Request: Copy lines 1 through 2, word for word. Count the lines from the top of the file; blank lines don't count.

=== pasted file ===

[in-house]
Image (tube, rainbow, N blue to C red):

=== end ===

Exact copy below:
[in-house]
Image (tube, rainbow, N blue to C red):